London, U.K. and Delhi, India — (METERING.COM) — September 19, 2008 – Information and communication technologies (ICTs) could play a major role in reducing global greenhouse gas emissions through enabling reductions in other sectors, in particular smart grids, according to a recent study by the Climate Group.
With the potential to reduce 2.03 GtCO2e globally by 2020, smart grid technologies were found to offer the largest opportunity among those identified where ICT could play a driving role in reducing emissions.
Other opportunities identified include smart buildings, which could enable 1.68 GtCO2e of emissions savings, smart logistics in energy transport and storage, which could reach 1.52 GtCO2e, and smart motor systems, which could reduce 0.97 GtCO2e.
The study, “Smart 2020: Enabling the low carbon economy in the information age,” finds that in total ICTs could deliver approximately 7.8 GtCO2e of savings in 2020. This represents 15 percent of 2020 emissions based on a business as usual estimation and in economic terms translates into approximately €600 billion ($864 billion).
The sector’s own contribution to emissions, at around 0.5 GtCO2e now, approximately 2 percent of the total, is expected to more than double by 2020.
The study says that ICT is integral to the range of technologies that comprise a smart grid, some of which include smart meters and demand management systems. Of the total ICT smart grids abatement potential, 0.9 GtCO2e is estimated to come from reduced transmission and distribution losses, 0.83 GtCO2e from the integration of renewables, 0.28 GtCO2e from reduced consumption through user information, and 0.02 GtCO2e from demand side management.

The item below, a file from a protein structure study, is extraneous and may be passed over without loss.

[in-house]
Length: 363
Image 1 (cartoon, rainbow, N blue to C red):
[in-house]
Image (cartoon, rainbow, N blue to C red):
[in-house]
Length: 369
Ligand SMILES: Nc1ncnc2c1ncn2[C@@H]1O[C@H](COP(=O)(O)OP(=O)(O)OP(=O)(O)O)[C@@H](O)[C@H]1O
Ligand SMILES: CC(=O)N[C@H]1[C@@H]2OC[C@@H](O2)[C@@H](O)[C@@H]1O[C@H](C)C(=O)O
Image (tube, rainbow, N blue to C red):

The example of India
The study points out that while the emergence of smart grids as an alternative to well-established, existing infrastructures is very much upon us and that in the years to 2020 much change is expected, in places such as India, where the network’s inefficiencies are severely impeding economic growth, the imperative to transform the current system and remedy these shortcomings is immediate.
Against a background of rapidly rising demand for energy, high carbon intensity of supply, high grid losses, and rising energy costs, the most important technologies would be ICT platforms that help reduce the losses. These include remote measurement and monitoring of energy use, remote grid element management and energy accounting, which together would help utilities monitor energy use across the grid better and allow them to trace the source of energy losses. In addition there is the further emissions reduction opportunity in smart grids’ capacity to support decentralized energy production.
“Action is urgently needed to tackle the energy losses. The power sector and the Indian government are expected to invest significantly to support GDP growth, providing upcoming investments that will last 20-30 years. This represents an opportunity to put in place a ‘best in class’ system early and leapfrog grid technology,” says the study.
It is estimated that the transmission and distribution losses in India’s power sector could be reduced by 30 percent through better monitoring and management of electricity grids, first with smart meters and then by integrating more advanced ICTs into the so-called energy internet.